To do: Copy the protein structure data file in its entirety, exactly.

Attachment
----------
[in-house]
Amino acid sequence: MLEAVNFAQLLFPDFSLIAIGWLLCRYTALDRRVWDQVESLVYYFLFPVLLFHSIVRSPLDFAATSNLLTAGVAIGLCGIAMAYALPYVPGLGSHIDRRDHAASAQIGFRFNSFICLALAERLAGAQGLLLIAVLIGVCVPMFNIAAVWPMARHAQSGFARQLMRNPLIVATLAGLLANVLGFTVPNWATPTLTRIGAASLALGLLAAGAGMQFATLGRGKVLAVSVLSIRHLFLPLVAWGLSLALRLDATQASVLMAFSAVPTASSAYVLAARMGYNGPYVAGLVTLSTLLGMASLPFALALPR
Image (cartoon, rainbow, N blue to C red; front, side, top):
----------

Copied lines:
[in-house]
Amino acid sequence: MLEAVNFAQLLFPDFSLIAIGWLLCRYTALDRRVWDQVESLVYYFLFPVLLFHSIVRSPLDFAATSNLLTAGVAIGLCGIAMAYALPYVPGLGSHIDRRDHAASAQIGFRFNSFICLALAERLAGAQGLLLIAVLIGVCVPMFNIAAVWPMARHAQSGFARQLMRNPLIVATLAGLLANVLGFTVPNWATPTLTRIGAASLALGLLAAGAGMQFATLGRGKVLAVSVLSIRHLFLPLVAWGLSLALRLDATQASVLMAFSAVPTASSAYVLAARMGYNGPYVAGLVTLSTLLGMASLPFALALPR
Image (cartoon, rainbow, N blue to C red; front, side, top):